Calculate how much more mortgages will cost as interest rates rise

“Mortgage rates are ramping up again because inflation is higher than investors had expected,” said Holden Lewis, a home and mortgage expert at NerdWallet. “Your mortgage rate is the price of borrowing money, and the price of money goes up when inflation is high.”

A report this week revealed little progress in the fight against inflation. The consumer price index rose 9.1 percent year-over-year, climbing at its fastest pace in four decades.

Inflation continued torrid rise in June

With June’s inflation reading surpassing May’s, investors are wondering whether the Federal Reserve will consider raising its benchmark rate by 100 basis points, rather than 75 basis points as it did in June. (A basis point is 0.01 percentage point.) Canada recently increased interest rates by one percentage point, the largest increase since 1998. The Fed’s rate-setting committee meets this month.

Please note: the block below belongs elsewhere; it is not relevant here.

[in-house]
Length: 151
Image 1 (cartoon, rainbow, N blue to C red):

“Inflation is in beast-mode, hitting a high not seen since 1981,” said Elizabeth Rose, a sales manager at Mortgage300. “We are all feeling it in our wallet. This move higher will likely pressure the Fed to hike another 75 basis points, and Fed futures are indicating nearly a 50-50 chance of a 100-basis-point hike.”

When investors are worried about inflation, their appetite for buying bonds diminishes because the return on their investment is less when inflation is high. Inflation erodes the value of a bond’s future payments. Less demand causes bond prices to drop and yields to rise. Since mortgage rates tend to follow the same path as the 10-year Treasury yield, they rise, too.